The researcher evaluates the paper and often compares it with other works on the same subject.
Critical abstracts are generally 400-500 words in length due to the additional interpretive commentary. A descriptive abstract indicates the type of information found in the work.
The length varies according to discipline, but an informative abstract is usually no more than 300 words in length.
A highlight abstract is specifically written to attract the reader’s attention to the study.
How do you know when you have enough information in your abstract?
A simple rule-of-thumb is to imagine that you are another researcher doing a similar study.
That is, the researcher presents and explains all the main arguments and the important results and evidence in the paper.
An informative abstract includes the information that can be found in a descriptive abstract [purpose, methods, scope] but it also includes the results and conclusions of the research and the recommendations of the author.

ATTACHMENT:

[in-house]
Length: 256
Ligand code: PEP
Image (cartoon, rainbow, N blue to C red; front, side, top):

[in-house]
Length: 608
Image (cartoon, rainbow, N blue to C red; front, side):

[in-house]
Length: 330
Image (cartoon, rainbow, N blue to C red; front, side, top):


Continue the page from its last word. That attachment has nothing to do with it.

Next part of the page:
In most cases, the abstract page immediately follows the title page. Rules set forth in writing manual vary but, in general, you should center the word "Abstract" at the top of the page with double spacing between the heading and the abstract.
The final sentences of an abstract concisely summarize your study’s conclusions, implications, or applications to practice and, if appropriate, can be followed by a statement about the need for additional research revealed from the findings.